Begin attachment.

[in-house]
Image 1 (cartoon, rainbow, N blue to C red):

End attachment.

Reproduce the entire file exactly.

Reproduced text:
[in-house]
Image 1 (cartoon, rainbow, N blue to C red):